In 1877 King Gojong and Queen Min sent a group of Koreans to Japan to examine its technological and social changes. What they found amazed them, as while Korea had once considered itself the modern hub of Asia, Japan had modernized far beyond Korean expectations or experience. While Queen Min determined that Korea should embark on a program of modernization, it was strenuously opposed by many yangban who, correctly, saw it as a threat to the Confucian society in which they had prospered. At the same time there were also some yangban who supported modernization, and formed the Progressive Movement towards the conclusion of the 1870’s. This group supported social and economic modernization including, controversially, equality of women.
Against this backdrop Korea began its first foray into modern literature. Some Korean critics date the Enlightenment Era back as far as 1860, arguing that at this time even the traditional literati, who still wrote in Chinese, were beginning to include themes or rebirth and enlightenment. At the same time the Tonghak Movement was founded by Ch’oe Che-u, in neo-Confucian reaction to “Western learning”. As the century continued to wind down, the force of the enlightenment grew, cresting in the last decade of the century, where some other critics date the beginning of the Enlightenment proper. But whenever one dates it from, the enlightenment period was contested and brief. Worse, it was violently distorted by Japanese colonialism. However, the massive, self-conscious efforts made during this era demonstrates that Korea was trying to figure out a way towards literary modernization, and it gives some hints of where that modernisation might have gone.
The so-called “New Novel” was a transitional form that developed partly in response to Korea’s increasing exposure to the outside world and prior to its complete colonialisation by Japan. By the 19th century the Joseon Dynasty was collapsing, the Japanese empire was rising, and western literary influences (albeit initially largely filtered through Japan and China) began to seep into Korean and affect Korean writers. China fell into less repute as intellectuals attempted to reconstruct Korea as an independent nation. This lead to, among other things, a strong repudiation of Chinese as the language of Korean literature although Chinese modern literature did continue to have an impact on Korean literature..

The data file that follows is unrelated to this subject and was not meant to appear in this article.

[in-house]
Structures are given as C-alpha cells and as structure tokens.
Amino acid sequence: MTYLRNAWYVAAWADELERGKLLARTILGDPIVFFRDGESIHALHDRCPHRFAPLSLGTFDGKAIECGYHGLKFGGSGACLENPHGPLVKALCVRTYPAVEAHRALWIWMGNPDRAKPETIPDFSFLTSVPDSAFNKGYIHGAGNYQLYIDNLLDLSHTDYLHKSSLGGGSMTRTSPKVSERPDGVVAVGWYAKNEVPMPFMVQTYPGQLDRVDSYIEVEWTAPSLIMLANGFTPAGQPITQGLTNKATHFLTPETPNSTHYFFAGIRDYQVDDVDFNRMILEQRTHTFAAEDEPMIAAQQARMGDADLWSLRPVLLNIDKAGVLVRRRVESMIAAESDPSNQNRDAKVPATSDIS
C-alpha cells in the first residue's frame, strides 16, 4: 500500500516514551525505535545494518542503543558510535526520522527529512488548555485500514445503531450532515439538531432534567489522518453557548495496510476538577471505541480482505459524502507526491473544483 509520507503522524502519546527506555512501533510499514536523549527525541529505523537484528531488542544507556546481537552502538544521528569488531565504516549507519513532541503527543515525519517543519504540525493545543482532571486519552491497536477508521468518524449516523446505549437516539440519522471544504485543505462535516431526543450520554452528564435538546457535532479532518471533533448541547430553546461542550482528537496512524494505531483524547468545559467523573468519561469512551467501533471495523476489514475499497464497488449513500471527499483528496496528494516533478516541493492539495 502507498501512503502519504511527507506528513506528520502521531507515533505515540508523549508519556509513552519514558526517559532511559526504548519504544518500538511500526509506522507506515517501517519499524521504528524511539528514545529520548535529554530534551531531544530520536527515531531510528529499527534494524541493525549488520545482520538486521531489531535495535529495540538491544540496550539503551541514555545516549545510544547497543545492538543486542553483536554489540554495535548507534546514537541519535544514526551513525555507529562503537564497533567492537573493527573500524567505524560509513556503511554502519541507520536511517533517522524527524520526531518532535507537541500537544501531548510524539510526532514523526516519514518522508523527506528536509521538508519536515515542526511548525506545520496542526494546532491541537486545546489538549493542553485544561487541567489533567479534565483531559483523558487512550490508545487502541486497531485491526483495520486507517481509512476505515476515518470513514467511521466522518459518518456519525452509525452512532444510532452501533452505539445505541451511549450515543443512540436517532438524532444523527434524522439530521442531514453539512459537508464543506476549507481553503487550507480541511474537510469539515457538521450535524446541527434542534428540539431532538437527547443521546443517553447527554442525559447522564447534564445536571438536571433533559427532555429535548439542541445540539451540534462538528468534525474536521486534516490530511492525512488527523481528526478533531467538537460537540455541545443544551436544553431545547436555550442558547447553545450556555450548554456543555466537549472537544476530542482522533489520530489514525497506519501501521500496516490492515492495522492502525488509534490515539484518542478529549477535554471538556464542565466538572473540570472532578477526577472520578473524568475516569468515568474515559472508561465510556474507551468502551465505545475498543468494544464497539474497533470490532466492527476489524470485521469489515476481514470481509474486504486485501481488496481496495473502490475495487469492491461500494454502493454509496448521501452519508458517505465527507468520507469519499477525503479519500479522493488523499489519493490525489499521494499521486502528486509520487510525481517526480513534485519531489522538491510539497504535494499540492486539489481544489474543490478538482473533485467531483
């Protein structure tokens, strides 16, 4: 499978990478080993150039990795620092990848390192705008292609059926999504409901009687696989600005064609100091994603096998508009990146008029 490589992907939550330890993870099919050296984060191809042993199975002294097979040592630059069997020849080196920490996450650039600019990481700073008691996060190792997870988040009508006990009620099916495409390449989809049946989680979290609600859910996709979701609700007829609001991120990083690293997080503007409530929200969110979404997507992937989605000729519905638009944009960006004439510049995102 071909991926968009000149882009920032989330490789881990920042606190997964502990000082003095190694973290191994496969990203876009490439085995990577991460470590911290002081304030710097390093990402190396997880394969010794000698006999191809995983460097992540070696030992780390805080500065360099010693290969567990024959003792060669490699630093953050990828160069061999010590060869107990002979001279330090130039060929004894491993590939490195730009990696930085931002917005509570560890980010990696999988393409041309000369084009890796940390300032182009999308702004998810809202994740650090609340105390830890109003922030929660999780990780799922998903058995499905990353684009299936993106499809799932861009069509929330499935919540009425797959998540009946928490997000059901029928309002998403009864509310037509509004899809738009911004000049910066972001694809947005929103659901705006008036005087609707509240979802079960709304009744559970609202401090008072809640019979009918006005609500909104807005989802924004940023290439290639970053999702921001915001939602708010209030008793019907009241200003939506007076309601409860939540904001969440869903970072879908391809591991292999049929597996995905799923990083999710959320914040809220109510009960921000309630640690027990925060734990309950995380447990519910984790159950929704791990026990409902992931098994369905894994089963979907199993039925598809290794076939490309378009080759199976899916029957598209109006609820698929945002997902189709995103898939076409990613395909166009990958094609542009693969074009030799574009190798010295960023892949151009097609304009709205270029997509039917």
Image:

The shift in literature was greatly bolstered by two social movements, the New Education and Korean Language and Literature Movement. In 1894 the Gabo Reforms introduced a new western style of education. At the same time publishing technology was changing as newspapers were becoming increasingly important, providing the first lighting rod for the literature of the Enlightenment Era. In fact, serial novels were a common aspect of most newspapers of the era, which is why they should be considered as part of Korean Literature, or its development.
The first Korean newspaper was the Hansong Sunbo (1883) and the government also published, initially in Chinese but eventually in Hangul and Hanja. Many other ‘modernizing’ newspapers leapt into existence, including the Pak Mun-guk. This newspaper’s mission was to proliferate new ideas, but it was only published for five years. A one-hundred percent Hangul newspaper did not exist until 1894 when the King and Queen sponsored the weekly Ganjo Shimpo (The Seoul News). In 1896 the short-lived The Independent (1896-1899) was published in Hangul, then shut down by the government. In quick succession multiple newspapers bloomed, most going out of business in 1910, with the complete advent of Japanese colonization.
Newspapers filled some of their pages with serialized novels, as well a sijo and kasa. The development of modern printing techniques made mercantile publishing possible. These developments allowed the possibility of the professional author, as opposed to the troubador, scholar, or didact of the classical era. Authors created a new form of literature call the sinsosol (new novel), and readers flocked to read these works. In addition, they printing press (which many historians point out was invented in Korea before Gutenberg got around to it) made it possible to print books, which became increasingly popular.